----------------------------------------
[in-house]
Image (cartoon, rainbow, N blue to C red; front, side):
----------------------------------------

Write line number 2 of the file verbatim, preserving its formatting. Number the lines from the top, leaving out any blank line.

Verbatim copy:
Image (cartoon, rainbow, N blue to C red; front, side):